What happened to pounced.org?

This is taken directly from their site

Pounced is a furry personals site which operates a free service on behalf of the community. We are staffed by volunteers and cover our own costs as a benefit to the community. (We appologize we have been a little too hasty on taking action on FOSTA, the bill has yet to be signed by President Trump, but has passed both the House and Senate, and will soon likely be signed into law by the president. Our action was prompted by Craigslist response to FOSTA, which was to shut down their personals section.)

FOSTA attempts to make Internet sites such as pounced.org liable for the way users use the site in an effort to address sex trafficking and prostitution.

FOSTA increases our liability significantly and chips away at one of the primary reasons we as a small organization can provide services to the community – the protection that had previously been offered to us by Section 230 of the Communications Decency act:

“No provider or user of an interactive computer service shall be treated as the publisher or speaker of any information provided by another information content provider”

We didn’t have to worry about what our users said using our platform, as we weren’t liable for what they said.

FOSTA changes that in a way that makes sites operated by small organizations like pounced.org much riskier to operate. FOSTA essentially says that if we facilitate the prostitution of another person we’re liable. If you read FOSTA carefully the bill says “or facilitate” – the problem is that “or facilitate” is ill-defined.

“(Sec. 3) The bill amends the federal criminal code to add a new section that imposes penalties-a fine, a prison term of up to 10 years, or both-on a person who, using a facility or means of interstate or foreign commerce, owns, manages, or operates an interactive computer service (or attempts or conspires to do so) to promote or facilitate the prostitution of another person.”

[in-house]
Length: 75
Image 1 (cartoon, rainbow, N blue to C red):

We don’t promote prostitution or sex trafficking. We’re a personals site for the furry community, our goal was to allow members of our community to have a personals site dedicated solely to the community, and we’ve tried to serve our community well.

The problem is, with limited resources and a small volunteer staff, our risk for operating the site has now significantly increased. Now if someone posts an ad looking to exchange sex for something to pounced.org, and we don’t catch it, is that facilitating prostitution? Is it enough to simply re-train our volunteer staff and update our terms of service?

Do we try to filter advertisements and forum posts? Do we ask our volunteer staff to take on the burden of reviewing all personal ads to insure we’re in compliance – and what if they miss one? If we try to implement filtering will it be anything other than intrusive and ineffective, given the resources of a small organization like ours?

And we must now account for the fact that our liability to operate a service such as pounced.org has unequivocally increased, especially given that FOSTA explicitly makes this a criminal liability.

We now can be held accountable for the actions of others using our service. This bill is poor a trade off, it makes all service operators bear increased liability for the actions of their users or act as censors to their speech in exchange for targeting a few malicious services.

As an organization that operates a free service, is this trade off worth the reward of providing our services to the community?

We were able to offer pounced.org as a free service to the community because the liability to us was manageable and we could manage our cost effectively. We didn’t frequently have to pay for lawyers, and we ate this cost when we did.

Would you be willing to try to accomplish the same if it meant you could be criminally liable for the actions of others who use a service you offered for free?

In many ways this bill targets small sites like ours directly, it favors organizations with the resources to invest in filtering technology, paid staff and legal support staff. It is less of an impediment for big organizations, while doing significant harm to small organizations like ours, which service niche communities like ours. Our larger competitors are not likely to find a large market in servicing the furry community, and so our community will suffer.

The Internet would never have become what it is today with bills like FOSTA in place and communities like ours would never have dedicated service providers like pounced.org.

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